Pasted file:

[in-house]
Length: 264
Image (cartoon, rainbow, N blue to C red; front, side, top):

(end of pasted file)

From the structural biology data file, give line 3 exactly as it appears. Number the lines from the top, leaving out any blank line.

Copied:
Image (cartoon, rainbow, N blue to C red; front, side, top):